You see, several years back I encountered Mafa Chicken during the Obon festivities at the Idaho Oregon Buddhist Temple. It’s a kind of take on fried chicken whose origins seem to come from Ontario, OR, and is so little known that my brief mention of it is apparently one of the top ten Google results if you do a search. I’ve wanted to try it from a restaurant ever since, and it’s on Kana Girl’s menu.
So, I returned, roommate’s children in tow, to sample Keoni’s take on the dish. Kana Girl’s has a pretty impressive kid’s menu (and gluten-free menu, and vegetarian menu, and pescatarian menu, and vegan menu), but these kids wanted Teriyaki Chicken so that’s what they got. I added an order of Spam Musubi as well, just because it’s evilly delicious.
After the order had been placed and and the children seated under the oddly flickering lights in the main dining room, I went condiment hunting, and was surprised to see how many sauces are made in house. I was also disappointed, because the majority of them seem to be specifically gluten free. Look, I know there are people who suffer from celiac disease, and even more who suffer from various levels of tolerance issues, but these people do not make up the majority of the dining public. To be succinct, gluten free soy sauce sucks. It just plain sucks, and when it forms the basis of say, a teriyaki sauce, the end result suffers.
While there were packets of regular soy sauce available, that didn’t help out the kids much. Adding to the problem, and it was my fault for missing this, it’s chicken thighs that are used here. Since the kids have been pretty much exclusively exposed to white meat, this didn’t go over particularly well. I tried a bite myself and liked it, but that sauce…sigh.
Kana Girl’s has the best Spam Musubi I’ve encountered so far. I don’t know if it’s the slightly sweeter rice or the fact that a little less nori is used, but the flavor balance is very good. This dish is just plain wrong, and I love it for that.
Keoni has a slightly different take on Mafa Chicken than what I’d been previously exposed to. See, one of the things that separates this from standard fried chicken is the incorporation of tofu. At Kana Girl’s, they use fermented (also known as “stinky”) tofu. The end result is strong-flavored, VERY tangy, and something I didn’t exactly like but yet couldn’t stop eating. Part of that is because I kept trying to figure out exactly how I felt about it, but mostly it was because as fried chicken goes, the technique here was awesome. It was crispy, crunchy, and juicy, but not really greasy at all.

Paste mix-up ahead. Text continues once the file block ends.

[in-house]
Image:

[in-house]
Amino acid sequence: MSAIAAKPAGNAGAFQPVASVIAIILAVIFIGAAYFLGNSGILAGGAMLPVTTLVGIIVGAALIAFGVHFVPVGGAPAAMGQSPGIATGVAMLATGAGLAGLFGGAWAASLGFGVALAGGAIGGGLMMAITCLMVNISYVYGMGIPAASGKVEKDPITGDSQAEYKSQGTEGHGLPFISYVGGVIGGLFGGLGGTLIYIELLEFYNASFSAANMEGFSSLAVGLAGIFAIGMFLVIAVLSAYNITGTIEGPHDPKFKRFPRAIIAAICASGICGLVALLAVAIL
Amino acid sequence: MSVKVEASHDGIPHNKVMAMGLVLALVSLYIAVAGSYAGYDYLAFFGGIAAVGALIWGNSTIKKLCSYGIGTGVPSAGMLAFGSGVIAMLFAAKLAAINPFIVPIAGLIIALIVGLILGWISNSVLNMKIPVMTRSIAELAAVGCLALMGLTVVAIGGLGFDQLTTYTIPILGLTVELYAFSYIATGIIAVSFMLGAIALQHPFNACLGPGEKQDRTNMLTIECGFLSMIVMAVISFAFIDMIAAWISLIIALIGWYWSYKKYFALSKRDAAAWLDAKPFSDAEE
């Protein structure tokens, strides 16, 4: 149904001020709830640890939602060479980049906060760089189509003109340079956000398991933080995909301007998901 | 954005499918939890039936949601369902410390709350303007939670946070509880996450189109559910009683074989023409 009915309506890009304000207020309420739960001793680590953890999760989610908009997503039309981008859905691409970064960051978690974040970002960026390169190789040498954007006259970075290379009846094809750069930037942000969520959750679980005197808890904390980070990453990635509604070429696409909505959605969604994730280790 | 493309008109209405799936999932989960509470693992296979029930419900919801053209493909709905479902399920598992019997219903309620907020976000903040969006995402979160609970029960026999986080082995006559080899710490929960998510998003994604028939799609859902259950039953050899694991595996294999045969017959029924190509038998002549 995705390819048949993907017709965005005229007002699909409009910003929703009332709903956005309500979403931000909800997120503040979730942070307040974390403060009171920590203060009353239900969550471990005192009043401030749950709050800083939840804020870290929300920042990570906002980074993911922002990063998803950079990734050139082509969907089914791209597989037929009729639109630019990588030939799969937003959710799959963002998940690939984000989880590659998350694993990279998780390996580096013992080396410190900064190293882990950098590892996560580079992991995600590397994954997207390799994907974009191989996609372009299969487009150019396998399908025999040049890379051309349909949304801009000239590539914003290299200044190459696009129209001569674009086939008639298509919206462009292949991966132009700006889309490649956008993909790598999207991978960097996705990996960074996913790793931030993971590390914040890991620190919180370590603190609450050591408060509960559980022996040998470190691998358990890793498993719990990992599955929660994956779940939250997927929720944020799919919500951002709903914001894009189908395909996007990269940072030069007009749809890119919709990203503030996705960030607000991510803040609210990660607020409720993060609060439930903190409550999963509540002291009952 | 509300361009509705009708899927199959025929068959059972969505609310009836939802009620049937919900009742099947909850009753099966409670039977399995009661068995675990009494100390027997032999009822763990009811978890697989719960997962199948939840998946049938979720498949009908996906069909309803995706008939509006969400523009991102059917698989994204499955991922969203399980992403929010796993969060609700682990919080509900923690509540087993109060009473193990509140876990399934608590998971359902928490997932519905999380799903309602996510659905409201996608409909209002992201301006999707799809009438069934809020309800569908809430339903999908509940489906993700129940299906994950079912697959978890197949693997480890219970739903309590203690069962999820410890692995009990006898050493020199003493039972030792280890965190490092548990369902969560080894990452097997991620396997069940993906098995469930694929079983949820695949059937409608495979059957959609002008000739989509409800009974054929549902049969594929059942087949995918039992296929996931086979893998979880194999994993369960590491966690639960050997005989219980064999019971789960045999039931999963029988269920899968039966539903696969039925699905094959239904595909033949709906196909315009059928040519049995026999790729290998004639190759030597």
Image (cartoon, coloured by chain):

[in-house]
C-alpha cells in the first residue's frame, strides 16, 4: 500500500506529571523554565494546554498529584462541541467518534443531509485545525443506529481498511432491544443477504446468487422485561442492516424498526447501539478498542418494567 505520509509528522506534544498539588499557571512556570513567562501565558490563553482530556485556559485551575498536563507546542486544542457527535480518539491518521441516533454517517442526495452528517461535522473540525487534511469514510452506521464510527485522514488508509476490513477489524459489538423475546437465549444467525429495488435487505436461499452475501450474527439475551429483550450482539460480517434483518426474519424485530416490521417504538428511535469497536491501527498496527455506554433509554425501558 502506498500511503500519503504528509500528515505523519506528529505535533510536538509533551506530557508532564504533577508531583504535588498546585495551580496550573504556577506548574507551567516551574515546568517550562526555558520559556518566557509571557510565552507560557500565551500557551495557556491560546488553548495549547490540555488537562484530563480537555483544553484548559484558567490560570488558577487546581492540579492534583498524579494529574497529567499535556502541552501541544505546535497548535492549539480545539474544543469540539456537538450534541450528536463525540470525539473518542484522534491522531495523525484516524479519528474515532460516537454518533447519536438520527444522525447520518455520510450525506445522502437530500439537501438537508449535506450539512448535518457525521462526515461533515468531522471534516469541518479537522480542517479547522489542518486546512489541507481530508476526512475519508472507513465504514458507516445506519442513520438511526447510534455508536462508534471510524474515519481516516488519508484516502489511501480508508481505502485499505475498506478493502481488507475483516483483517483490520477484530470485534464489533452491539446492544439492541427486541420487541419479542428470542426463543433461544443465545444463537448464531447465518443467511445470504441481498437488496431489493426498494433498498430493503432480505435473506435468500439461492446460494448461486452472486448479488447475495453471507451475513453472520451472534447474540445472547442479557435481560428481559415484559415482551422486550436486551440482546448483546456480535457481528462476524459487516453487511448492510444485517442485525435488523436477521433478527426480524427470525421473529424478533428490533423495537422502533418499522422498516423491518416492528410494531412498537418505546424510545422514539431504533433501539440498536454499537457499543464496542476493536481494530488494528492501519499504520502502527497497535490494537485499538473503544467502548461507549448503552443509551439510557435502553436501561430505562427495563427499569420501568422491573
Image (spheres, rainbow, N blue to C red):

In the end, I’m happy for Kana and Keoni. They are genuinely fun, nice people and I hope things work out better for them this time around. Despite the teriyaki sauce and pork issues, they do have the best mac salad and musubi that I’ve found so far, and since they also have a fried chicken dish without the tofu, I’ll probably visit them again. I also wouldn’t mind trying the Spam & Eggs, and maybe even the Loco Moco. For those gluten-free and vegetarian people who read my stuff, I’d definitely recommend checking this place out.
Food: A little good, a little bad, but enough promise to make me want to keep exploring their options. B-
Value: Good prices, most things are in the eight to ten dollar range. A
Service: This is where they really excel. These guys love what they do, and you can feel it. A+
Atmosphere: A little cheesy, but not unpleasant. They could wipe down the tables a bit more often. C+
Final Grade: B-